WRITTEN BY GABE ELLIS
One of the biggest lessons in life is to be yourself – and those that matter will always love you just the way you are
That first year, the college was holding a Springtime Ball. This wasn’t going to be like the type of Ball we had in sixth form with a few flashing lights and DJ Disco Phil; this was black-tie-and-ballgowns. This was Oxford.
I’d arrived in October, but I could still hardly believe I was actually there. Sometimes, walking from my college room to the faculty building, I found myself gazing at carved stone arches, feeling like an extra in Inspector Morse. I half-expected someone to tap me on the shoulder and tell me I didn’t belong, that it was all a hoax – because how could I possibly have got in?
“Have you decided what you’re wearing for Saturday?” asked Rosemary. She had the room next to mine, and was adorably earnest and ridiculously privileged. “I was thinking of wearing either my plum taffeta or the oyster silk. Will we clash?”
I mean, who has taffeta and silk gowns just hanging up ready for such an occasion? Not me, that’s for sure. The Ball had sounded exciting when I saw the posters and I’d had romantic visions of falling in love across a crowded room, but one thought of ballgowns and I felt overwhelmed again.
In my literature tutorials there were six of us; three whose fathers had also attended this very college, one whose dad was a Cabinet Minister and one with a photographic memory. Then there was me, considered outstanding in my local comprehensive but a relative dimwit here. I spent half my tutorials in perplexed panic, praying for no direct questions.
“It so reminds me of Simone de Beauvoir,” or, “This line surely alludes to Plutarch,” one of them would venture, sounding uncertain but looking utterly triumphant, and the others would either nod sagely or narrow their eyes, wishing they’d come up with the idea. Either way, they’d all actually read Plutarch or Ovid or whoever, while I’d be scribbling madly so I could look it all up later. It was like trying to follow the plot of a complex foreign film and barely even understanding the subtitles.
Mum was worried it’d all be too much. And it was. But I couldn’t leave…
“You are going to have the time of your life,” Mum had said, “I’m ever so proud of you. I know it’ll be difficult but you’ve earned your place with all your hard work, and if ever you feel it’s too much, you can just leave – it’s not the end of the world.”
Terms are only eight weeks long, so you’re too busy fitting in research, essays and tutorials to worry about much else. Plus, despite feeling like a fraud and a halfwit, I felt this huge connection with Oxford, as if the city willed me to stay.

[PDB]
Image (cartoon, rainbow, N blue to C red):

In autumn, I had walked through the mists over Magdalen Bridge and felt its magic like a cloak. In winter, I had opened my curtains to landscaped gardens frosted white and gasped that I got to wake up to that view.
Returning to my room after Christmas, it had been a joy to bound up those stone staircases again, worn by centuries of celebrated students. Now I was one of them. Eventually, I might even feel as if I belong.
“I bet you’ll end up meeting some titled snob,” my best friend had teased. “He’ll be charmed that you never studied Latin and have no second home in the Alps, then he’ll whisk you off to his family estate where you can read all the classics in the library.”
“That does have a certain appeal, Meg. Mind you, I’m averaging twenty books a week at the moment, so I could do without reading for a while.”
“Is it true that there are seven boys for every two girls?”
“Yeah, we’re totally outnumbered.”
“You lucky so-and-so! And is it true that every college has a pub?”
“A beer cellar, yep.”
“What are they like? Is your college beer cellar the best one?”
I laughed it off and changed the subject. Meg was having a hoot at her uni – pub crawls, hangovers and chat shows with occasional essays – so how could I tell her I hadn’t even visited another college except for tutorials? How could I explain that every single day, other than for meals, lectures and libraries, I stayed at my desk from nine in the morning until eleven at night? Other people in college went out and had fun, but I couldn’t. Even working all those hours I was barely keeping up.
So the magnificent Springtime Ball was going to be the big social event of the year for me. I had a lot riding on it and of course I’d rather set myself up for disappointment.